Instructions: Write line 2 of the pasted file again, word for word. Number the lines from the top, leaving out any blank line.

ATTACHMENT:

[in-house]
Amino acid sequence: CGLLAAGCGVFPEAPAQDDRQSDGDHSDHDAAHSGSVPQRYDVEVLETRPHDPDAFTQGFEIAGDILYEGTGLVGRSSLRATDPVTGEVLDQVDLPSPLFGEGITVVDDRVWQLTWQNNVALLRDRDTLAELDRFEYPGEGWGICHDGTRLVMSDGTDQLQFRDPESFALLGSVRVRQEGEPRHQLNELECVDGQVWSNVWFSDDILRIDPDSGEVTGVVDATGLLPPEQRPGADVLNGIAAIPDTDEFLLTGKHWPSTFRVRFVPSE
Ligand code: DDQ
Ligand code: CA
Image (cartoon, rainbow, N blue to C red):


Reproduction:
Amino acid sequence: CGLLAAGCGVFPEAPAQDDRQSDGDHSDHDAAHSGSVPQRYDVEVLETRPHDPDAFTQGFEIAGDILYEGTGLVGRSSLRATDPVTGEVLDQVDLPSPLFGEGITVVDDRVWQLTWQNNVALLRDRDTLAELDRFEYPGEGWGICHDGTRLVMSDGTDQLQFRDPESFALLGSVRVRQEGEPRHQLNELECVDGQVWSNVWFSDDILRIDPDSGEVTGVVDATGLLPPEQRPGADVLNGIAAIPDTDEFLLTGKHWPSTFRVRFVPSE